Kevin Brennan Writes About What It's Like
And then there was our good friend, Dan, who died of AIDS in 1995. I think of him every year as the calendar creeps through December, since he died in the middle of this month after a long and difficult deterioration.
He was my wife’s housemate when I met her. The two of them had worked at the same place and decided to buy a Victorian duplex together since nothing else was shaking for them at the time. He’d get the top floor, she’d get the ground floor, and they’d live like characters in a sitcom that never got green-lighted. The only problem was that the house was in the Mission District in an era when gang violence was bad and the police had a hands-off approach toward enforcement. Shootings broke out and ended too quickly for them to intervene, so it was a matter of scooping up the injured and/or dead and running them over to SF General.
Some kid, in fact, got shot right out in front of Sue’s place. Died there too. And his posse would come and spray graffiti on her garage door something about “RIP Little Puppet.”
So I meet her and learn, as the words to my song, “The Girl in the High Top Sneakers,” attest:
She’s got a bullet hole in her car door.
True. It must have happened one night while she was asleep in the house, way in the back and didn’t hear the shot.
But Dan, as a gay man, must have really had nerves of steel to live in that neighborhood. He worked at a restaurant and came home late every night, alone in his big Chevy pick-up. No biggie. He probably thought I was a pussy for not wanting to live there when Sue and I reached that point. I’d had a few scary incidents already and figured my days on Earth would be numbered if I lived on that block between Valencia and Mission. Hunt’s Donuts on the corner had all kinds of “interesting” people loitering in front of it. They shot me hostile looks and grabbed their crotches or put their hands inside the pocket of their hoodies.
Then again, I was new to San Francisco, so it might not have been as bad as it seemed. All I know is that Sue lost money when she sold the house after Dan died. Way under water.
Dan delivered meals to people with AIDS every Wednesday, so we’d have him over to our new apartment for pork chops and stuffing. We were on Church Street, only a few blocks from Dan’s place, but a whole different world. And soon Dan started getting sick himself and needed Sue’s help on his Project Open Hand runs. And the tenants in Sue’s old apartment were problematic, selling drugs and owning loud dogs, and the graffiti continued and Dan was in the hospital every other month for a week or more, losing weight and motivation. We’d visit him there and spend a little time with him, but he was often too tired to speak. Once we picked him up after he was discharged, and he had to stop and puke into the gutter on Duboce under the freeway.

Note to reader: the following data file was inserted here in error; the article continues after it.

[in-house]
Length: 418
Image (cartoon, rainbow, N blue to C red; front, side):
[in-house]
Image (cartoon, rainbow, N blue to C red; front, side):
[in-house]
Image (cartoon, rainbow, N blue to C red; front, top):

And things got so bad that he decided he had to move out too. He rented a house in Oakland, where we went to see him once and found him with an I.V. pole as his permanent companion, all his medications laid out on the kitchen counter, though we knew they weren’t working. His mom and dad would come from Michigan to see him, and they’d always appreciate our presence because we were straight, and they’d say things like, “We just wanted him to meet a nice girl and settle down.”
The worst part, as all people with friends who died of AIDS say, was seeing such a robust, energetic, fun, warm, and loyal man go down. We were with him in the hospital once near the end, when Sue left the room to put water in his flower vase and Dan said to me, “I just want it to be over.” All I could do was put my arm around his frail shoulders and whisper, “I know.”
We don’t really think much about AIDS deaths anymore, thanks to the drug cocktails. I think 1995 was the peak of the death rate. It got better after that, but not soon enough for Dan to try a new regimen that would have saved him. He would have been sad to hear that the house wound up costing Sue so much money to get out of, or that she felt so guilty over the years about how those last three years of his life went. He’d have been crushed at how his dad behaved after Dan was gone, as the new owner of Dan’s unit. It wasn’t a good time, and when it was over we felt lucky to have unloaded that building even though it earned us a tax audit because the IRS couldn’t believe the loss Sue was declaring.
There are always ripple effects.
I believe Dan was 32 or 33 when he died, so he’d be in his mid-50s now, graying, maybe bald or balding, but I’m sure he’d be as fit as he always was and as enjoyable to be around. He’s forever young in our minds, though, and there are times when we’re able to put his last months behind us and remember him in his prime, when we spent time with him mainly laughing.
It’s more than a little ironic that he died just a week or so before the last time I saw my father. I think Dan’s dignity was wrapped around me as we entered that last big fight and I had to pick sides. You really can’t go wrong, I understood, siding with dignity.